FAIRVIEW HEIGHTS – U.S. Attorney Stephen R. Wigginton, who represents the Southern District of Illinois, says the district collected $5,490,994.09 in criminal and civil actions in Fiscal Year 2014.
Of that amount, $1,574,414.70 was collected in criminal actions and $3,916,579.39 was collected in civil actions.
Additionally, Southern District of Illinois worked with other U.S. Attorney’s Offices and components of the Department of Justice to collect an additional $5,174,776.44 in cases pursued jointly with these offices. Of this amount, $8,746.63 was collected in criminal actions and $5,166,029.81was collected in civil actions.
Attorney General Eric Holder also announced today that the Justice Department collected $24.7 billion in civil and criminal actions in the fiscal year ending Sept. 30. The more than $24 billion in collections in FY 2014 represents nearly eight and a half times the appropriated $2.91 billion budget for the 94 U.S. Attorney’s offices and the main litigating divisions in that same period.
Holder said some of that amount came in “holding financial institutions accountable for their roles in causing the 2008 financial crisis.”
Wigginton highlighted his biggest case of the year.
“We recovered $3,300,000 as part of the settlement in a qui tam case filed against Kmart Corp.,” he said. “The case involved Kmart improperly issuing gift cards to customers who moved their Medicare and Medicaid prescriptions to Kmart from competing pharmacies contrary to federal medicare/medicaid re-imbursement regulations.”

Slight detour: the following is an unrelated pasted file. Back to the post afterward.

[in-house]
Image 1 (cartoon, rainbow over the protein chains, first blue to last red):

The U.S. Attorneys’ Offices, along with the department’s litigating divisions, are responsible for enforcing and collecting civil and criminal debts owed to the U.S. and criminal debts owed to federal crime victims.
The law requires defendants to pay restitution to victims of certain federal crimes who have suffered a physical injury or financial loss. While restitution is paid to the victim, criminal fines and felony assessments are paid to the department’s Crime Victims’ Fund, which distributes the funds to state victim compensation and victim assistance programs.
The largest civil collections were from affirmative civil enforcement cases, in which the United States recovered government money lost to fraud or other misconduct or collected fines imposed on individuals and/or corporations for violations of federal health, safety, civil rights or environmental laws. In addition, civil debts were collected on behalf of several federal agencies, including the U.S. Department of Housing and Urban Development, Health and Human Services, the Internal Revenue Service, the Small Business Administration, and the Department of Education.
Additionally, the United States Attorney’s Office for the Southern District of Illinois, working with partner agencies and divisions, collected $1,745,492.00 in asset forfeiture actions in FY 2014. Forfeited assets deposited into the Department of Justice Assets Forfeiture Fund are used to restore funds to crime victims and for a variety of law enforcement purposes.